“Winning at Talladega in 1988 helped me to fulfill a lifelong dream,” Parsons said recently. “Driving a race car was the only thing I had ever wanted to do since I was 5 years old and to win a Cup Series race was really special to me. I would have loved to have won a lot more and even though that didn’t happen, I can still say I won at NASCAR’s highest level.”

On April 10, Elliott scored his first short-track victory at Bristol (Tenn.) Motor Speedway. Prior to the race, the Dawsonville, Ga., native had won 23 times on superspeedways or road courses.

Elliott led 379 of the 500 laps but had to pass Bodine with two laps remaining to claim the victory.

“Well, we finally got one on a short track, but the way the competition is in Winston Cup racing today, the monkey might be right back on our backs next week,” Elliott said. “We’ve had our problems before and we’ll have them again. The thing to do is always overcome them.”

Unbeknownst to Elliott, he had begun his roller-coaster ride toward the 1988 Cup Series championship.

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Newspaper clipping from November 1988 detailing Bill Elliott’s NASCAR title chase.

He and his Melling crew left the Tennessee track fourth in points and had fallen to fifth by the time they returned to victory lane at Dover (Del.) Motor Speedway on June 5.

A tire war between Goodyear and Hoosier had impacted the season leading into Dover with teams frequently switching back and forth between tire brands.

Bonnett used the Hoosiers to win at Richmond and Rockingham but suffered a right-shoulder injury in a crash during the All-Star Race at Charlotte Motor Speedway that resulted from a blown tire.

Elliott used Hoosiers tires to win at Dover where he won by 21 seconds over Morgan Shepherd, who was the substitute driver for Bonnett in the Rahmoc Pontiac.

“I had gone down almost two laps and I discovered the Goodyears just weren’t as effective on our car after 35 laps or so,” Elliott said. “I decided that switching brands was the only thing that was going to make the difference for us.”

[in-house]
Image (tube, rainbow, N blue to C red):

Victories in Daytona’s Firecracker 400 on July 4 and at Pocono on July 24, placed Elliott second in points behind Wallace and the Blue Max Racing team owned by Raymond Beadle. 

“I am convinced that our Coors team has matured as a race team and I’ve matured as a driver,” Elliott said. “I think we’re a much stronger team than we were in ’85, but there are a lot more stronger teams now than we had in ’85.”

Davey Allison won at Michigan Int’l Speedway on Aug. 21, taking the lead from Wallace on lap 178 of the 200-lap distance. The reigning rookie of the year dedicated the win to his father, still recovering from his Pocono crash.

“It was a long time coming but I knew we were going to win one,” Allison said during an emotional interview. “The guys on the crew never gave up. They just kept working harder. They knew I wanted to win for my dad and they’re the ones that deserve the credit for helping me get this victory.”

No one walked away from the Southern 500 at Darlington (S.C.) Raceway disappointed, as Elliott, Wallace and Earnhardt established themselves as the trio of championship contenders for the stretch run.

Lap after lap, Wallace and Earnhardt traded the lead but Elliott took the checkered flag for his second Labor Day weekend victory at the historic 1.33-mile superspeedway.

“We won the race because of our last pit stop, I got out in front of Rusty and Dale and I knew they’d be fighting each other,” Elliott said. “That allowed me to put a little distance on them.”

A final victory for Elliott at Dover on Sept. 18 kept him ahead of Wallace for the remainder of the season.

Even though Wallace was called “Mr. October” with wins at North Wilkesboro, Charlotte, Rockingham and Atlanta, Elliott held the point lead from the Aug. 27 event at Bristol through the final checkered flag, beating Wallace by 24 points.

“The guys on my team are people I grew up with and have spent much of my life with. These are more than workers or employees or pit crew members. They are my friends,” Elliott said. “This accomplishment of winning the Winston Cup is as much for them as it is for anyone else.”